If you’re noticing that new versions of Windows 10 are installing faster with each release, it’s because Microsoft has been introducing changes to deduce the downtime during the installation process.
On a new article at the Windows Insider blog, the software giant reveals that when Windows 10 version 1703 (Creators Update) was originally launched, the downtime (the time a user can’t use the device during installation) was 82 minutes on average. Then when version 1709 (Fall Creators Update) was released, the downtime was reduced to 51 minutes. Now, the company claims that with the new changes the downtime has reduced even further, and with Windows 10 version 1803 (Spring Creators Update) users will only experience 30 minutes of downtime.
Since the release of the Creators Update, these new changes translate into 63 percent reduction of downtime during an upgrade process.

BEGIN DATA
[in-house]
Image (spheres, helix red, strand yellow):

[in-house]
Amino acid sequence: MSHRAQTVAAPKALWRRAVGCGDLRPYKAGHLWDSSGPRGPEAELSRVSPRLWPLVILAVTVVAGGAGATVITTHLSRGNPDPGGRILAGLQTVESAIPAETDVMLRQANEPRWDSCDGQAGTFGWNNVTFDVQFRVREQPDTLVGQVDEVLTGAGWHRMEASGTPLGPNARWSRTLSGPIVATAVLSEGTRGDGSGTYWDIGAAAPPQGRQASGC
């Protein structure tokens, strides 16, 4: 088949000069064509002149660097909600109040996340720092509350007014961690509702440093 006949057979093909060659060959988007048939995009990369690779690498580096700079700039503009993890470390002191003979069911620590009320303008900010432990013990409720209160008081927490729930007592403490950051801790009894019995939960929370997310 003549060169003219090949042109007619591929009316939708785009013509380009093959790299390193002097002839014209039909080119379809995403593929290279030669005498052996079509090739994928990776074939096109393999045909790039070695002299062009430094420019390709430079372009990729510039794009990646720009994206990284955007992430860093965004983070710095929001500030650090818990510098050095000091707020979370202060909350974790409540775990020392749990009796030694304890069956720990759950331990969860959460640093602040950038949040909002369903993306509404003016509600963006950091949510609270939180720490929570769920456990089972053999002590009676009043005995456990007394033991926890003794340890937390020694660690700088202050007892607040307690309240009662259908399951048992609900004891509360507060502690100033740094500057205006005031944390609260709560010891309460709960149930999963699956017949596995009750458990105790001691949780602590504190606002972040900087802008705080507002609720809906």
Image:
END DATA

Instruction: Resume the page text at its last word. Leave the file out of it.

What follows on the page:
According to the company, Windows 10 has four upgrade phases, and each one is done either “online” or “offline.” The new changes move parts of the offline phase into the online phase to drop the amount of time a user is unable to use the device because of an upgrade.
Here’s in more detail how Windows 10 is improving the installation of feature updates:
|OLD Feature Update model||NEW Feature Update model|
Technically, the installation process still takes the same amount of time, but because Microsoft is modifying how the upgrade process is handled, the installation now feels faster.
In addition, the company says that moving part of the upgrade process to the online phase, users will continue to be able to use their device without seeing significant impact in performance or battery life. This is because the “setup process run at a low priority.”